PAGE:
Elizabeth Englander discusses the adults' roles in student conflict prevention.
When you're thinking about prevention and how adults can help prevent these kinds of problems, I think it's important to be clear in our minds—we are never going to prevent small problems. We're not going to prevent people from becoming angry or having difficulties in their relationships, and we wouldn't want to, right? Because children need to learn to cope with that.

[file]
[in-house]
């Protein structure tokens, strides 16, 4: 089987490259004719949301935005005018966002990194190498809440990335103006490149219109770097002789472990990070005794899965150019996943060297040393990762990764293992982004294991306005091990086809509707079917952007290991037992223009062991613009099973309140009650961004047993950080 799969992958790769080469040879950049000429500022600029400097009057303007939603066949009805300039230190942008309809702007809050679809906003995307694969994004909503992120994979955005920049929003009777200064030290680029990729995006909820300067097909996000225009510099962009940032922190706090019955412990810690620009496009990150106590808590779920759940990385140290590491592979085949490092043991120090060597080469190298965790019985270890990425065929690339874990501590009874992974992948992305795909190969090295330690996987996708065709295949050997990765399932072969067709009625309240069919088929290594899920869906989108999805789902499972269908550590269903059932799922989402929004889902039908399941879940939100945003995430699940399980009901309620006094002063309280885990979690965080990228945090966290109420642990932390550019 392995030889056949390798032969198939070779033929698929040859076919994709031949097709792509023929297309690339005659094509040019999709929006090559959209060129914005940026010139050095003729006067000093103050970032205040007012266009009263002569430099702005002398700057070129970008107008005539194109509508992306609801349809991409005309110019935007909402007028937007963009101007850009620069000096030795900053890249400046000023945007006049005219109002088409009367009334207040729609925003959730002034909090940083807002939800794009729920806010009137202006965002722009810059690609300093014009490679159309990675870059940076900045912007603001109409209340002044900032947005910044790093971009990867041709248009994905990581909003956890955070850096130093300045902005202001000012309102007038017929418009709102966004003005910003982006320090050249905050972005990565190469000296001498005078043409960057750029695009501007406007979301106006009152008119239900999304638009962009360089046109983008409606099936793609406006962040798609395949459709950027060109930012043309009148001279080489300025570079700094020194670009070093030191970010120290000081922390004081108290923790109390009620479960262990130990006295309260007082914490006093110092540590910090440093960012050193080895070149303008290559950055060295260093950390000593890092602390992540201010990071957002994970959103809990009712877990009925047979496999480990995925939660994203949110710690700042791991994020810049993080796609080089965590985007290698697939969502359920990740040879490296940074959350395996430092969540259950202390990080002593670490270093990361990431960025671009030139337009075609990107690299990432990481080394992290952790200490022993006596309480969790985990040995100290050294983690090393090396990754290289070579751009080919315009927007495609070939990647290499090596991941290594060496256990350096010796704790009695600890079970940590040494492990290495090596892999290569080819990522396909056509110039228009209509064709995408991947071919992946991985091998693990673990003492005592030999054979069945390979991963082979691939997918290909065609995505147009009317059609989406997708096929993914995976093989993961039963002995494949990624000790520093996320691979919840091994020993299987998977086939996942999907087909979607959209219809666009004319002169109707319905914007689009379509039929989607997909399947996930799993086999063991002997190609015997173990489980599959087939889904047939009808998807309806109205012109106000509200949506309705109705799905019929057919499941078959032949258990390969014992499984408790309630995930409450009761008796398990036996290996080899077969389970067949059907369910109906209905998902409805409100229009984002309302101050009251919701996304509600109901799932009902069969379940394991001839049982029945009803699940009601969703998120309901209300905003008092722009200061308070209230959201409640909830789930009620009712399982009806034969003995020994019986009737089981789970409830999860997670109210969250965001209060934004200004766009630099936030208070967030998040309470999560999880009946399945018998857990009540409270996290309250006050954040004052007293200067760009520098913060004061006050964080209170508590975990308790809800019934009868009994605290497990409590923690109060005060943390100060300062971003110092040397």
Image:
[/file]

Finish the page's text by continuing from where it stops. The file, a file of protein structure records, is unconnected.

What we want to prevent is we want to prevent very small episodes from swamping and destroying relationships. That needs to be the goal. So the goal in doing that, it seems to me, is to teach children how to cope with being upset, or frustrated, or jealous with people in a way that helps resolve their feelings instead of escalates their feelings. The answer is really to talk with your kids about what does it mean to be a friend, and how can you handle problems in your friendships so that you still are friends with these people? How do you treat your friends and how do they treat you? And those kinds of issues to really drive home the message that it's the relationship that's gold. That's the thing you're going for—that other people, at times, may be mean to you in this life, but that if you have those relationships, you're going to be stronger and better able to withstand and not care about those kinds of meannesses. Which is really only the only way to successfully avoid the problem.